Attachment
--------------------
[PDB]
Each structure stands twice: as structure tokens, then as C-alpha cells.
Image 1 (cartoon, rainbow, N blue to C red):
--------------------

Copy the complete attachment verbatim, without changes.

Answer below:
[PDB]
Each structure stands twice: as structure tokens, then as C-alpha cells.
Image 1 (cartoon, rainbow, N blue to C red):